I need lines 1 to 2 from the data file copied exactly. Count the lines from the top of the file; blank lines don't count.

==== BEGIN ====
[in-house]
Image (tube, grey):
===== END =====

[in-house]
Image (tube, grey):